By Sandy Damashek

Here we are in the middle of summer!  Are you and your children having fun?   To add some zip to your life, we’d love to share two ideas for 3-6 year olds that put a new twist on tried-and-true activities.

If your child likes problem solving, try Puzzles & Patterns.  Discover how easy it is to make picture puzzles and share the joy of playing with puzzles you and your child create.

For a good dose of movement and laughter, try the Silly Step Dance.  Doing a dance offers children a perfect chance to create silly moves and sequences – and practice counting, too.  Simply line up your numbers (outside or inside) and start stepping out.

Both activities blend play and learning, and our Parent Tips offer age-appropriate prompts to help your child explore. As always, feel free to adapt the activities to suit your child.  Most importantly, be creative, experiment, get moving and have FUN!

 

Puzzles & Patterns!
(Problem solving, attending to visual details, motor skills)

Playing with puzzles is a perfect way to practice problem solving while exploring visual details such as shapes, colors, and patterns. By drawing and/or choosing favorite pictures, you and your child can create personal puzzles that are uniquely yours!

What You’ll Need: Old magazines, cardboard for backing (e.g., cereal, cracker, or gift boxes, shipping cartons, etc.), craft glue, scissors. (Optional) Clear contact paper or lacquer to protect the pictures.

How To Prepare:  Make a 6-piece puzzle to use as a model.

  • Cut out a small picture from a magazine (a simple image with one or two big objects is best).
    Glue the picture on a piece of cardboard. First spread glue evenly over the board, then, lay the picture flat on the glue and press down to remove any air bubbles. (If you’d like, cover the picture with clear contact paper or lacquer to protect it.)
  • After the glue dries, cut away any excess cardboard.
  • Flip the picture and draw 3 curved lines on the back of the board to divide the image into 6 parts. Cut along the lines to create 6 puzzle pieces.


What to Do:

  1. Place the 6 puzzle pieces on the table. See if your child can recognize the object(s) in the picture. Together, point out clues such as familiar parts.
    Challenge your child to put the 6 pieces together to complete the puzzle. Ask, “How can you put the pieces together to make a whole picture?”
    Parent Tips (Problem solving, attending to details, motor skills):• Let your child try to solve the puzzle. If s/he needs help, point out matching colors, patterns, and outlines and show how to slide or turn the pieces until they fit together.
  2. Next encourage your child to choose a new magazine picture and make a second puzzle. Working together, follow the same steps you did to make your model and put the pieces together.

Parent Tips (Problem Solving, attending to details, motor skills):
• Simple pictures with bold illustrations and colors work best (e.g., one or two people, animals, plants, vehicles, etc.).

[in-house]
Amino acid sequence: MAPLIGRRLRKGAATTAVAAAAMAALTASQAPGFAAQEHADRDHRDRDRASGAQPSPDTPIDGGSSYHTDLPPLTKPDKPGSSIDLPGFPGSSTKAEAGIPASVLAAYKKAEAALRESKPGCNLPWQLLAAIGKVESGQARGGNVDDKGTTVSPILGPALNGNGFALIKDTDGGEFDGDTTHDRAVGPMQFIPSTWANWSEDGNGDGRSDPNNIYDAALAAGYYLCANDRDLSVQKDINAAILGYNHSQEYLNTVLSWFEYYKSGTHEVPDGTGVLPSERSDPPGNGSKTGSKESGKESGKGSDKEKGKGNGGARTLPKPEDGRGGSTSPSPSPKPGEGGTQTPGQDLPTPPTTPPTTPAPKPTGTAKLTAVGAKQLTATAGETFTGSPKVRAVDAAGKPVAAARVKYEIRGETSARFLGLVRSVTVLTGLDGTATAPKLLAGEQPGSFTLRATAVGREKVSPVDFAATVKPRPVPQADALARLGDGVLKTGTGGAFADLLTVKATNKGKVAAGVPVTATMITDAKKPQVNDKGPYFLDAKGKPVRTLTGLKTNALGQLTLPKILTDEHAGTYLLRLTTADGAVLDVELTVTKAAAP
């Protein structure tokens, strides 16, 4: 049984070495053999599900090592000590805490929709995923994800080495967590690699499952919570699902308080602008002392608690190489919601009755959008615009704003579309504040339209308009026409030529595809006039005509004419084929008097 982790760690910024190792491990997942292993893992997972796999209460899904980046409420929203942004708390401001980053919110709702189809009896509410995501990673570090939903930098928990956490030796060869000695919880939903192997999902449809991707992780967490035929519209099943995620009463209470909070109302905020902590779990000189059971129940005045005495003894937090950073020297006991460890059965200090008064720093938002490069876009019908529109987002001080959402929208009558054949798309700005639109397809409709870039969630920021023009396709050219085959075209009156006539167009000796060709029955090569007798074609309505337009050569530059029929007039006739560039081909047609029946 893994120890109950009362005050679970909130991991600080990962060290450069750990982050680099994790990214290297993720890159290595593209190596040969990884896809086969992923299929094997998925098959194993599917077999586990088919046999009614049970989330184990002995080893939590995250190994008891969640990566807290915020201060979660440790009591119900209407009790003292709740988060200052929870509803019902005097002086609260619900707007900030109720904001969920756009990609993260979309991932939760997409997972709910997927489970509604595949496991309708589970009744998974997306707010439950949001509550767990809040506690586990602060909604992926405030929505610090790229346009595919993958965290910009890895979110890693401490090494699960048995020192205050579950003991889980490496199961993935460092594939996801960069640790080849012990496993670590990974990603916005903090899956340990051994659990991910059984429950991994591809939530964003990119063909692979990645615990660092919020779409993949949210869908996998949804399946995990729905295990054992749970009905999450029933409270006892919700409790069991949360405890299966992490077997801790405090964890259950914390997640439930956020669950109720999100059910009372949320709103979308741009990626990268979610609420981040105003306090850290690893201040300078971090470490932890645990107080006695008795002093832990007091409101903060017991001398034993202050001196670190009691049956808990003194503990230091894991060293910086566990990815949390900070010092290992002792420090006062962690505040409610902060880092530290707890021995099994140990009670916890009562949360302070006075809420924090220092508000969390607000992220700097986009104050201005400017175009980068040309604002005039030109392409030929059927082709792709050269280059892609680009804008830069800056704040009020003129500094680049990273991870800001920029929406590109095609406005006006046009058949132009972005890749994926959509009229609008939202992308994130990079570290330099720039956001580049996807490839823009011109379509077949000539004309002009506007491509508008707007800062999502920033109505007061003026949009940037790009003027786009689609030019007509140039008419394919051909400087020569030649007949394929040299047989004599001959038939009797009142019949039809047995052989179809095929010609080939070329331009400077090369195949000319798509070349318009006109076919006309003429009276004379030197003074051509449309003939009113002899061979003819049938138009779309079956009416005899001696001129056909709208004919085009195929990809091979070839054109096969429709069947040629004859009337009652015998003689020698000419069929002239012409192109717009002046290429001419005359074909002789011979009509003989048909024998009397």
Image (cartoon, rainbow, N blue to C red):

• For younger children, start with fewer pieces. For older and more skilled children, divide the picture into more pieces and make them smaller.


• Remember, a homemade puzzle is … homemade! Don’t worry if the glue is a little messy and the lines aren’t perfectly cut or drawn! Let your child do as much as possible; jump in when necessary.

3. Homemade puzzles make great cards and gifts! Make more puzzles using pictures from coloring books, your child’s original artwork, and family photos.

Silly Step Dance!
(Movement, Motor Skills, Counting, Sequencing)

Children love being silly.  That’s what the Silly Step Dance is all about!  Children use their imagination to come up with different ways to walk, wave, and wiggle – and remember and count the moves they make. The more moves, the merrier!

What You’ll Need: (For outdoor play) Chalk (For indoor play) String or yarn, index cards, marker (optional)

How To Prepare: if you are playing outdoors, use chalk to draw numbered hopscotch boxes or a simple number line with equally spaced numbers.  If you are indoors, stretch a long string or piece of yarn across the floor.  Write one number on each index card and line up the cards in sequence next to the string/yarn

What to Do:

  1. Challenge your child to walk, hop or jump to number 1, and do one silly move.
  2. Next, have your child jump to number 2 and do the same silly step two times (while counting aloud). Challenge your child to keep hopping from one number to the next (counting to be sure his/her moves match each number) until the silly dance is done!

Parent Tips (Movement/Motor Skills)
• Any move counts. If your child thinks a move is silly, it is!
• If your child has trouble coming up with a move, model one (e.g., wiggle your hips, spin around, flap your arms). Describe each action and let your child move with you. If you’d like, give each move a name such as the Super Spin-Around or the Flappity-Flap!
• Older children may like counting aloud without your help. If your child needs prompting, count together.

  1. Here are some other ways to play:
    • Jump to #1 and do a silly move. Jump to #2 and do a different move two times. Jump to #3 and do a third move three times, etc.
    • Jump to # 1 and do a silly move. Jump to #2 and do the first move PLUS a different one. Jump to #3 and do the first two moves PLUS one more, etc.
    • Try playing with animal moves (waddle like a duck, jump like a frog, fly like a bird, tiptoe like a cat, etc.).

Sandy Damashek has been crafting children’s educational media for many years. She began her career at Children’s Television Workshop where she developed Sesame Street toys and games and helped launch CTW’s Interactive Group and Sesame Place. Sandy’s experience includes creating interactive movies and television, museum exhibits, children’s books, and countless playthings. Sandy has a Master’s Degree in education from Harvard University.